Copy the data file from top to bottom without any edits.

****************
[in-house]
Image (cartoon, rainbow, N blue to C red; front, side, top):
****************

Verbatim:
[in-house]
Image (cartoon, rainbow, N blue to C red; front, side, top):